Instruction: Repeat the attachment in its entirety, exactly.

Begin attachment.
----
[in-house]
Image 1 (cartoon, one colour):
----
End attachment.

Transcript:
[in-house]
Image 1 (cartoon, one colour):